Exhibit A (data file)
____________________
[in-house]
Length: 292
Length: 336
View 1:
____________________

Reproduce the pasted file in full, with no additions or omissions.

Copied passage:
[in-house]
Length: 292
Length: 336
View 1: